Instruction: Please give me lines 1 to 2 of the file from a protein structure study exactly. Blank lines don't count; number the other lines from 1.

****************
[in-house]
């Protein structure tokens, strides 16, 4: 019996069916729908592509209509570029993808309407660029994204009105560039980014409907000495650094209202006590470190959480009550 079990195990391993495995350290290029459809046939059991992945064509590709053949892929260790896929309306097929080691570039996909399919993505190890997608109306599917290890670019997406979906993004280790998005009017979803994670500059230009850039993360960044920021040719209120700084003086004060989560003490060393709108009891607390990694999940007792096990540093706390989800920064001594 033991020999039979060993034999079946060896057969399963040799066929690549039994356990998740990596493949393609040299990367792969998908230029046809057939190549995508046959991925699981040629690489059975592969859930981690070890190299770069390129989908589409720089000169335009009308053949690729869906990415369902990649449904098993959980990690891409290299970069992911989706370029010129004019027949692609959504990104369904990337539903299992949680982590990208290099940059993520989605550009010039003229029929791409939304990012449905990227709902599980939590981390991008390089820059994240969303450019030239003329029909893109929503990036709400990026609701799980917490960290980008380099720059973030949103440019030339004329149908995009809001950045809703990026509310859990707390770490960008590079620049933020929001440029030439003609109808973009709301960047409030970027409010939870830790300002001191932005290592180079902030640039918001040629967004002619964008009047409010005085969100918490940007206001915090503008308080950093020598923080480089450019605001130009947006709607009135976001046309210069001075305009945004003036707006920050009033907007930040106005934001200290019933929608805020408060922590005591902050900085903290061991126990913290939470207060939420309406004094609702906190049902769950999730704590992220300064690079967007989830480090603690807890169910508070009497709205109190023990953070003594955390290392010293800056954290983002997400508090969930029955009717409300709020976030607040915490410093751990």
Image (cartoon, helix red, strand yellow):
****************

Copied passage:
[in-house]
């Protein structure tokens, strides 16, 4: 019996069916729908592509209509570029993808309407660029994204009105560039980014409907000495650094209202006590470190959480009550 079990195990391993495995350290290029459809046939059991992945064509590709053949892929260790896929309306097929080691570039996909399919993505190890997608109306599917290890670019997406979906993004280790998005009017979803994670500059230009850039993360960044920021040719209120700084003086004060989560003490060393709108009891607390990694999940007792096990540093706390989800920064001594 033991020999039979060993034999079946060896057969399963040799066929690549039994356990998740990596493949393609040299990367792969998908230029046809057939190549995508046959991925699981040629690489059975592969859930981690070890190299770069390129989908589409720089000169335009009308053949690729869906990415369902990649449904098993959980990690891409290299970069992911989706370029010129004019027949692609959504990104369904990337539903299992949680982590990208290099940059993520989605550009010039003229029929791409939304990012449905990227709902599980939590981390991008390089820059994240969303450019030239003329029909893109929503990036709400990026609701799980917490960290980008380099720059973030949103440019030339004329149908995009809001950045809703990026509310859990707390770490960008590079620049933020929001440029030439003609109808973009709301960047409030970027409010939870830790300002001191932005290592180079902030640039918001040629967004002619964008009047409010005085969100918490940007206001915090503008308080950093020598923080480089450019605001130009947006709607009135976001046309210069001075305009945004003036707006920050009033907007930040106005934001200290019933929608805020408060922590005591902050900085903290061991126990913290939470207060939420309406004094609702906190049902769950999730704590992220300064690079967007989830480090603690807890169910508070009497709205109190023990953070003594955390290392010293800056954290983002997400508090969930029955009717409300709020976030607040915490410093751990």